We investigate experimentally a cyclically sheared granular system using an X-ray tomography technique32,33,43,44 (see Methods for details). As shown in the schematic of Fig. 1a, particles are placed in a shear cell and cyclically sheared with an amplitude Γ32,45. This design allows to accommodate the granular compaction/dilation during shear. We utilize two types of spherical beads to check the influence of surface roughness: One is acrylonitrile butadiene styrene plastic (ABS) and the other is 3D-printed (ProJet MJP 2500 Plus, 0.032 mm resolution) with a bumpy surface (BUMP), see Fig. 1b. For both cases, the system contains ≈ 14,000 50: 50 bidisperse beads of diameters 5 mm and 6 mm, and no crystallization was detected. The size of the shear cell at shear γ = 0 is 24d × 24d × 24d, where d is the diameter of the small beads, and which will be taken as the unit length. The strain rate is small so we are in quasistatic conditions with an inertia number less than 10−346.

Fig. 1: Setup of cyclic shear experiment.
figure 1

a Particles are placed into the shear cell, formed by a bottom plate attached to a stepper motor, two side plates in shear direction articulated to the bottom, and another two perpendicular side plates (not shown here). These two side plates are connected to the perpendicular plates by four pivots (two of them are shown) to maintain the shear geometry. The system is slowly sheared by driving the bottom plate by the motor. We define L = 24d and the deformation γL. X-ray tomography scans are performed at γ = 0 when the motion is stopped. b Visualization of a 3D-printed particle with a bumpy surface (BUMP).

Beads are initially placed in the cell, forming reproducible loose packings, and then compacted by cyclic shear until the steady state is reached (see Supplementary Fig. 1). Thus none of the presented results are affected by transient effects. Since the beads are very rigid, the obtained packings always maintain mechanical stability under gravity and slow external driving. X-ray tomography scans are taken at γ = 0 (periodicity between 1 and 10 cycles) from which we extract the microscopic structure of the system and the dynamics of the particles. The resolution in particle position is around 10−3d. For the ABS system the reported results have been obtained by averaging for each Γ over 3 − 5 independent realizations, while only one realization is used for the BUMP system. To mitigate finite size effects we exclude for the analyses the particles located closer than 4d from the boundaries.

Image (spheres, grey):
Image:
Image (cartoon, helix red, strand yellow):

Steady-state dynamics

The dynamics of the particles are basically isotropic, although convection (see Supplementary Fig. 2) and height dependence (see Supplementary Fig. 3) emerge very mildly due to gravity for large Γ. Hence we focus here on the dynamics in the (horizontal) x-and y-directions. Figure 2a and b present, respectively, the mean squared displacement (MSD), 〈δx2n)〉, for the ABS and BUMP particles as a function of the number of cycles Δn, where δx is the average displacement in the x-or y-direction, and 〈 . 〉 denotes the average over different particles, starting configurations, and realizations. For both systems and all Γ, we find diffusive growth at large Δn and subdiffusion at small Δn. Note that for each system the subdiffusion exponent is independent of Γ, i.e., 0.65 for ABS and 0.8 for BUMP. Such a universal creep dynamics at small Δn demonstrates that our system has no caging or elastic regime, in agreement with earlier findings31,32,33. This is also confirmed by the absence of a two-step relaxation in the self-intermediate scattering function (see Supplementary Fig. 4).

Fig. 2: Dynamics of cyclic shear demonstrates the absence of caging but pronounced memory effect.
figure 2